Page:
Fuchsia OS Spotted on Google's AOSP, Said to Natively Support Android Apps

Fuchsia OS Spotted on Google's AOSP, Said to Natively Support Android Apps

Photo Credit: Tushar Jindal/ Google Maps

  • The update was spotted on Twitter
  • App developers might not need to tweak Android apps for Fuchsia
  • Fuchsia OS might be an alternative to Android

Google is ramping up development on its "open source" Fuchsia OS that has been in the works for the past couple of years. It seems mentions of Fuchsia have recently been spotted in Google's AOSP (Android Open Source Project) in the ART (Android RunTime) branch suggesting support for native Android apps. Additionally, Fuchsia OS could work across smartphones, tablets, and computers, creating a sort of unified experience.

XDA Developers' Mishaal Rehman in a tweet spotted the Fuchsia OS in AOSP. As per Rehman's claims, Google might be building Fuchsia with ART bringing native Android app support to the operating system. This is of particular interest as native support means no further tweaking or alteration - from app developers - would be required to run apps on this platform. Some Twitter users expect Fuchsia to become a base for Android OS, with the latter built on top of Fuchsia instead of the earlier Linux.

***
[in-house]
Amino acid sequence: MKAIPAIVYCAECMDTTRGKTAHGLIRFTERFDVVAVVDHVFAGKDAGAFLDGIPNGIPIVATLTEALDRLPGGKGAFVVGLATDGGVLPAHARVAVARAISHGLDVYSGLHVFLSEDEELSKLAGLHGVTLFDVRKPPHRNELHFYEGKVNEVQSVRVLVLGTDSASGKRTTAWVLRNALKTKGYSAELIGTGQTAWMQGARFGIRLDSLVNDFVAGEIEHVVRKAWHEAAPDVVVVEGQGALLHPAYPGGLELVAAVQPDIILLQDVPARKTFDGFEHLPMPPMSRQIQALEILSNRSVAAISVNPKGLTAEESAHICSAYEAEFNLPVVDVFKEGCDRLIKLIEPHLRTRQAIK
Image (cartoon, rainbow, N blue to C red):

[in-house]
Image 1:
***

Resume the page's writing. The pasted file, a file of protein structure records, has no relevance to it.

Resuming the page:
However, it is unlikely that Google would want to replace its ultra-popular Android OS with Fuchsia OS considering the rigidity of consumers to switch mobile platforms.

Separately, a series of videos posted on YouTube back in January this year reportedly give us a look at Fuchsia OS running on a PixelBook, suggesting support on mobile as well as desktop platforms.

Fuchsia has a lot of history behind it. Back in 2016, reports said that the focus of Fuchsia operating system was on creating software for IoT (Internet of Things) and other embedded hardware. Additionally, in May last year, then VP of Engineering (Android), Dave Burke, said that Fuchsia OS is independent of Android and that it is an early stage experimental project.

Previously, tech giants like Samsung (Tizen OS) and Microsoft (Windows Phone) have launched proprietary operating systems albeit with little success. It will be interesting to see what the biggest mobile software company (in terms of market share) in the world has in store for its customers.


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